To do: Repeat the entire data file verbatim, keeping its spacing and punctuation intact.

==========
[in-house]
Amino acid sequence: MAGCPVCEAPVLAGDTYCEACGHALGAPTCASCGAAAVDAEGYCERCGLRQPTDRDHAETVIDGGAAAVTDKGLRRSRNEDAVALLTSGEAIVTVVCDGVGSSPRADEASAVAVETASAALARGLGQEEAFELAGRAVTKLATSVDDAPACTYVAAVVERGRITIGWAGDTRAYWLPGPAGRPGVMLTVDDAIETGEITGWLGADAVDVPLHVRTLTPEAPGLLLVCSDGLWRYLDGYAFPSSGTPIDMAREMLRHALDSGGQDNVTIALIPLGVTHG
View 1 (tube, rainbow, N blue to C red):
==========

[in-house]
Amino acid sequence: MAGCPVCEAPVLAGDTYCEACGHALGAPTCASCGAAAVDAEGYCERCGLRQPTDRDHAETVIDGGAAAVTDKGLRRSRNEDAVALLTSGEAIVTVVCDGVGSSPRADEASAVAVETASAALARGLGQEEAFELAGRAVTKLATSVDDAPACTYVAAVVERGRITIGWAGDTRAYWLPGPAGRPGVMLTVDDAIETGEITGWLGADAVDVPLHVRTLTPEAPGLLLVCSDGLWRYLDGYAFPSSGTPIDMAREMLRHALDSGGQDNVTIALIPLGVTHG
View 1 (tube, rainbow, N blue to C red):